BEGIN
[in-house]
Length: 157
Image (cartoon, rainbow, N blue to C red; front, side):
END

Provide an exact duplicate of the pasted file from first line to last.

[in-house]
Length: 157
Image (cartoon, rainbow, N blue to C red; front, side):